Though the government has begun phase II of the direct benefit transfer (DBT) scheme in 78 districts, it appears clear the game-changer scheme is facing all manner of problems. Perhaps why, even in the 18 districts where LPG pilot project on DBT were run, just 10 lakh of the 75 lakh target households have managed to get DBT transfers in the first month. While the smooth transfer of funds suggests the Aadhaar platform is working, the larger problem remains of the system not being geared up to deal with DBT. Indeed, as a review meeting in the Planning Commission last month showed, there are very basic design flaws in the system which, if not fixed, will pretty much trip up phase II of DBT as well.
The most basic one, of software not talking to one another, was obvious from the fact that none of the four ministries participating in the programme had a common DBT App—all had their own software developed for their schemes. An even more serious problem is that of post office and bank accounts not being opened for the beneficiaries. In even places like Delhi, government-owned banks like PNB and SBI are unwilling to open “no frills” accounts to transfer one-time payments. According to the banks, they simply haven't received instructions/guidelines on opening such accounts. Even if such guidelines were to be issued, the larger issue is of whether banks have any incentive to open such accounts. Which is why, when the scheme was designed, banks and post offices needed to be given a generous incentive to open/maintain such accounts. Given the huge level of waste in most schemes—40-50% by most accounts—a 1-2% commission to banks would have created enough traction for banks to want to open such accounts. Given that the government spends about R2 lakh crore on welfare payments each year, a 2% commission to banks would have added R4,000 crore to non-interest income, an amount which is significant by most standards. In the case of person-to-person cash transfers, for instance, the model developed ensures enough money for banking correspondents to want to remain engaged with the programme.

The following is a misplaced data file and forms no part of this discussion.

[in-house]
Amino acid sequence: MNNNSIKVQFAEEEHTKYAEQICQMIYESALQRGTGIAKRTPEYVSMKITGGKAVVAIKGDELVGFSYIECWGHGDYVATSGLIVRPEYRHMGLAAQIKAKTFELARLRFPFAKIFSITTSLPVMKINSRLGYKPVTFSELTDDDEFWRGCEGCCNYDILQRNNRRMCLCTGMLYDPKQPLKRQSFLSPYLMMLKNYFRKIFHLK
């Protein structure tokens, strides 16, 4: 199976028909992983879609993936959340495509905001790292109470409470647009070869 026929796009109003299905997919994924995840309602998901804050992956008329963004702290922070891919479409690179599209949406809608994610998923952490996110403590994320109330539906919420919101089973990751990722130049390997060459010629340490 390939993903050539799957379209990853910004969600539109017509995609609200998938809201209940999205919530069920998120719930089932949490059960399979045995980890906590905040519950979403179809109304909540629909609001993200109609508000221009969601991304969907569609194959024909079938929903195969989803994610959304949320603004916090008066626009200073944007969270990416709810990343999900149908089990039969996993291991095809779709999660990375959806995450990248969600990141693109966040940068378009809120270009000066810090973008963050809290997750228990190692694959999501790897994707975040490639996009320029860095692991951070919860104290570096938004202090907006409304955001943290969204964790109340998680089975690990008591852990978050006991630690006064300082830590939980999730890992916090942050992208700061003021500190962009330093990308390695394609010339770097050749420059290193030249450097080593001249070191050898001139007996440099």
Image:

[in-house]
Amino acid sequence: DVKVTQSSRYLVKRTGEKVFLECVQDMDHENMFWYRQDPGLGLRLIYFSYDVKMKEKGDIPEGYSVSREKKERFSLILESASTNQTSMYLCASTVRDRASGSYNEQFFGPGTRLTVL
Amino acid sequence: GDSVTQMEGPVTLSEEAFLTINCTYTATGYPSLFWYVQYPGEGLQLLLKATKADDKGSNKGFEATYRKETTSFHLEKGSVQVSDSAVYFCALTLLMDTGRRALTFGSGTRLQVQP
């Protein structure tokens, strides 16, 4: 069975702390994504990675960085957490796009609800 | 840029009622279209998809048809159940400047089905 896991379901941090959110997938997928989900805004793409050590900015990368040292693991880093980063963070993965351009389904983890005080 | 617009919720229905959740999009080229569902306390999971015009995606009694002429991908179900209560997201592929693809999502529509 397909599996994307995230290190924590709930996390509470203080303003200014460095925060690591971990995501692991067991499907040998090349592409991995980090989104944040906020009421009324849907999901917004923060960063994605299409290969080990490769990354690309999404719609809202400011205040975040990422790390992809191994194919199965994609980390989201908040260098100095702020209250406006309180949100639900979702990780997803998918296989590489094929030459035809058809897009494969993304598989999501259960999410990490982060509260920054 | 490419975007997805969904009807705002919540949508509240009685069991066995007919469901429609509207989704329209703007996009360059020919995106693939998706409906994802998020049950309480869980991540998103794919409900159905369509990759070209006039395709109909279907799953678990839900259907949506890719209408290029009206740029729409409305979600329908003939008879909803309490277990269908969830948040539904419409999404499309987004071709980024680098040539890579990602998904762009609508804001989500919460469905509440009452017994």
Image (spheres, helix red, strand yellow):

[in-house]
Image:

There are, of course, a host of other problems like the Registrar General of India's old enrolments not being accepted by the newer version of the UIDAI software. The lack of digital signatures of state level functionaries to authorise the transfers was found to be another major bottleneck, as was the lack of ownership of the project. Many of these are natural problems that occur for a project of such massive proportions and are not cause for undue alarm or pessimism. But now that the problem has been identified, it needs to be addressed. Unless DBT makes commercial sense for all the stakeholders, it is not going to take off.